The new membranes, developed by researchers at Lawrence Livermore National Laboratory (LLNL), could reduce the cost of desalination by 75 percent, compared to reverse osmosis methods used today, the researchers say. The membranes, which sort molecules by size and with electrostatic forces, could also separate various gases, perhaps leading to economical ways to capture carbon dioxide emitted from power plants, to prevent it from entering the atmosphere.The UAE should jump right on this.
The carbon nanotubes used by the researchers are sheets of carbon atoms rolled so tightly that only seven water molecules can fit across their diameter. Their small size makes them good candidates for separating molecules. And, despite their diminutive dimensions, these nanopores allow water to flow at the same rate as pores considerably larger, reducing the amount of pressure needed to force water through, and potentially saving energy and costs compared to reverse osmosis using conventional membranes.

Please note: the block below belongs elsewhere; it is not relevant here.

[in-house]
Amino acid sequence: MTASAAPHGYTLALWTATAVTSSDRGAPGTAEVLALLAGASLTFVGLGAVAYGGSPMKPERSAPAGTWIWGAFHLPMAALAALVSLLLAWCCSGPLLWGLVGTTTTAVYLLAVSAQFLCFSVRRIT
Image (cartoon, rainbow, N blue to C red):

Indeed, the LLNL team measures water flow rates up to 10,000 times faster than would be predicted by classical equations, which suggest that flow rates through a pore will slow to a crawl as the diameter drops. "It's something that is quite counter-intuitive," says LLNL chemical engineer Jason Holt, whose findings appeared in the 19 May issue of Science. "As you shrink the pore size, there is a huge enhancement in flow rate."